As a young girl, Kathlene Mallory dreamed of being a geisha -- a seeming impossibility until her father was forced to flee Japan and leave her behind. Safe behind closed doors at the Teahouse of the Look-Back Tree, Kathlene grows to womanhood and learns the geisha's art.

When she meets American Reed Cantrell, she is prepared, eager even, to take the final step in her journey by selling her virginity to Baron Tonda. By the time Kathlene realizes that her path may lie in a different direction, it may be too late.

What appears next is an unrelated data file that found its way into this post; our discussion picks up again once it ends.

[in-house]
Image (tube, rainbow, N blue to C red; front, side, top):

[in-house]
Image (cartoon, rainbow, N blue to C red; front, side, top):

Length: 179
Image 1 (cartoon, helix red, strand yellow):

Bacarr's debut novel is a rich reading experience, especially for those interested in Japanese history and culture. Its language is lovely, even poetic, and the atmosphere has a rare and pervasive sensuality. However, the characters lack depth, and the overall effect is like overindulging in sweet food -- ultimately unsatisfying. (Aug., 384 pp., $13.95)
Reviewed by: 
Catherine Witmer